Date
23 May 2017
More supportive policy initiatives are expected to be unveiled during the plenary meetings of the National People's Congress and the National People's Political Consultative Conference in Beijing in March. Photo: China Daily
More supportive policy initiatives are expected to be unveiled during the plenary meetings of the National People's Congress and the National People's Political Consultative Conference in Beijing in March. Photo: China Daily

China equities gather momentum ahead of Two Sessions

Both mainland and Hong Kong markets have become more active in recent days.

Hong Kong market turnover rose to over HK$90 billion while China’s A shares saw turnover surpass 450 billion yuan (US$65.38 billion).

It seems both markets have gained momentum to rally further after the holiday break.

As of Feb. 3, the number of active stock trading accounts held by mainland investors has dropped to 49.94 million, the first time the figure dipped below 50 million in nearly 20 months.

It hit 50.35 million a week after the Shanghai Composite Index reached a peak of 5,178 points on June 12, 2015.

Many investors who bought their shares last year had to hold them for months.

So as soon as there were upticks, many rushed to liquidate their positions while others even closed their accounts.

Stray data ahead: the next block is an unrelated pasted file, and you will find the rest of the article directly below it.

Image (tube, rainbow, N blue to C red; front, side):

It’s typical behavior for retail investors to rush into a red-hot market and exit when things look depressed or stagnant.

The declining number of accounts could very well be the darkest moment before dawn.

Meanwhile, the number of individual investors with stock accounts worth over 100 million yuan has actually exceeded the level in mid-2015, a signal that smart money is moving against the herd.

The total turnover of A shares has recovered to nearly 460 billion yuan over the last two days, along with the rally of the Hang Seng Index.

That level is higher than the less than 300 billion yuan turnover before the Lunar New Year holiday.

It is quite possible that like last year, China equities will strengthen on hopes of supportive policy initiatives from the Two Sessions in March.

Expectations of investments from pension funds may further boost sentiment.

Given their prudent style of investing, pension funds tend to focus on blue-chip stocks, especially those related to themes like state-owned enterprise reform and supply-side reform.

That should also benefit the Hong Kong market, particularly undervalued blue chips and dual-listed stocks.

This article appeared in the Hong Kong Economic Journal on Feb. 10

Translation by Julie Zhu

[Chinese version 中文版]

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RT/CG

HKEJ columnist

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